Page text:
Editor’s Note: CNN’s Gary Tuchman explores the latest developments in the saga of polygamist Warren Jeffs, the jailed leader of the Fundamentalist Church of Jesus Christ of Latter-day Saints, in Part 2 of a special report on Wednesday’s “AC 360” and for CNN Presents, airing Sunday, July 31, at 8 p.m. ET.
El Dorado, Texas (CNN) – Fundamentalist Mormon leader Warren Jeffs has been held in a tiny jail in this west Texas town for roughly three years. According to his jailers, he has spent his time doing one thing above all else: talking on the phone..
Schleicher County Sheriff David Doran told CNN that in one month, Jeffs has spent roughly $3,000 on phone cards.
And while Jeffs was recently held in another Texas jail roughly 50 miles away, he spent close to $10,000 in phone cards in three months.
Reagan County Sheriff James Garner, who oversees that jail, told CNN that no inmate there has ever spent that much money on phone cards.
Authorities say Jeffs has received money from loyal followers and that he uses much of it to buy phone time to deliver lengthy sermons to acolytes in Texas, Utah and Arizona.
Some Jeffs experts say the calls are proof that he’s running his church from behind bars.
And officially, Jeffs still leads the breakaway sect called the Fundamentalist Church of Jesus Christ of Latter-day Saints (FLDS), which firmly believes in polygamy.
Leaders of the mainstream Mormon church, the Church of Jesus Christ of Latter-day Saints, have repeatedly disavowed Jeffs and say his group of roughly 10,000 followers in no way represents their religion.
The official LDS church banned polygamy more than a century ago.
Jury selection for Jeff’s sexual assault trial began in Texas on Monday. He is charged with two counts of sexual assault on a child and one count of bigamy.
Jeffs has pleaded not guilty to the charges.FULL STORY on the CNN Belief Blog
House Speaker John Boehner will be tweaking his deficit reduction plan after the Congressional Budget Office said its pledge to cut spending didn't add up. The vote on that plan has been pushed to Thursday. We'll have the breaking news. Plus, the jury is selected in Warren Jeffs' sexual assault case. We'll show you how the leader of a polygamist sect still has control in prison. Plus, a RidicuList classic.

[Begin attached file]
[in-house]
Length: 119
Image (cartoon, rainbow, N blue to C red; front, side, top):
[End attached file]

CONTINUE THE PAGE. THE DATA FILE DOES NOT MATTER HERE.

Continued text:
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(CNN) - Norwegian massacre suspect Anders Behring Breivik's purported 1,500-page manifesto paints a picture of a deliberative, driven killer - not a rambling crazy person, criminologists said Tuesday.
Speaking to CNN after Breivik's attorney said his client "may be" insane, Brian Levin, a criminologist with California State University, San Bernardino, rejected the suggestion. Based on what is known at this point, "he's not crazy," Levin said; he is a "sociopath," but "not crazy."
Criminologist James Alan Fox of Northeastern University echoed those sentiments. "The behavior is crazy, but not necessarily the state of mind of the person committing it," he said. "Mass murderers rarely are psychotic. They know what they're doing. They don't hear voices in an empty room. They're mad, but (mad) in terms of bitter and resentful - not how we often use 'mad' to describe mental illness," he said.
Both said a "crazy" person can be commonly understood as someone who cannot tell the difference between right and wrong and does not understand the nature and consequences of his actions.
Breivik, 32, has acknowledged carrying out a bombing and a shooting rampage Friday, a judge said Monday. Authorities say eight people were killed in the bombing of an Oslo building that houses Prime Minister Jens Stoltenberg's offices, and 68 were killed at a youth summer camp run by his ruling Labour Party. Breivik said the attacks were necessary to prevent the "colonization" of the country by Muslims, the judge said.
Experts - who have not met Breivik but have examined materials purported to be from him - had different takes Tuesday on whether the manifesto suggests he was motivated more by ideology or by a desire for infamy. But several agreed that he seems to have more in common with mass killers, from "Unabomber" Ted Kaczynski to Virginia Tech shooter Seung-Hui Cho, than with many terrorists and typical right-wing extremists.FULL STORY
Washington (CNN) - House Speaker John Boehner is in a tough position: between a rock and a hard place, wedged squarely into a corner.
On one side, he has President Obama painting him as a stubborn teenager who is unwilling to meet halfway on the debt ceiling.